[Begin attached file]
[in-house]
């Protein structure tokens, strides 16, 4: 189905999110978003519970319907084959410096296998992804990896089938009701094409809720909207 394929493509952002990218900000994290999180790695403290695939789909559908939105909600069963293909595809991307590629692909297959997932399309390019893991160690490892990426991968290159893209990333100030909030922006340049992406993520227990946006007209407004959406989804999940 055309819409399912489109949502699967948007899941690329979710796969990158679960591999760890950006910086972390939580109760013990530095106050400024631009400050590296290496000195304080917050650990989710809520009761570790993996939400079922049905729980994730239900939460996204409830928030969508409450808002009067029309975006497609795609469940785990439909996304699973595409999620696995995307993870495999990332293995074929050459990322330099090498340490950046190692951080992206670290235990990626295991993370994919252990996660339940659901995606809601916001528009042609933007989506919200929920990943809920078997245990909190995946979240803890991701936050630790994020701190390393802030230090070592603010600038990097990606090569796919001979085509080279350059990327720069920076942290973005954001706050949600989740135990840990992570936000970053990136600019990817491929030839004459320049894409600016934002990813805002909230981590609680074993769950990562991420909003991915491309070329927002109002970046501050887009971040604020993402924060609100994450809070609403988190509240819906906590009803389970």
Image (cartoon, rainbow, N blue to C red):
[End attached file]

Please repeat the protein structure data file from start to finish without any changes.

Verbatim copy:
[in-house]
């Protein structure tokens, strides 16, 4: 189905999110978003519970319907084959410096296998992804990896089938009701094409809720909207 394929493509952002990218900000994290999180790695403290695939789909559908939105909600069963293909595809991307590629692909297959997932399309390019893991160690490892990426991968290159893209990333100030909030922006340049992406993520227990946006007209407004959406989804999940 055309819409399912489109949502699967948007899941690329979710796969990158679960591999760890950006910086972390939580109760013990530095106050400024631009400050590296290496000195304080917050650990989710809520009761570790993996939400079922049905729980994730239900939460996204409830928030969508409450808002009067029309975006497609795609469940785990439909996304699973595409999620696995995307993870495999990332293995074929050459990322330099090498340490950046190692951080992206670290235990990626295991993370994919252990996660339940659901995606809601916001528009042609933007989506919200929920990943809920078997245990909190995946979240803890991701936050630790994020701190390393802030230090070592603010600038990097990606090569796919001979085509080279350059990327720069920076942290973005954001706050949600989740135990840990992570936000970053990136600019990817491929030839004459320049894409600016934002990813805002909230981590609680074993769950990562991420909003991915491309070329927002109002970046501050887009971040604020993402924060609100994450809070609403988190509240819906906590009803389970």
Image (cartoon, rainbow, N blue to C red):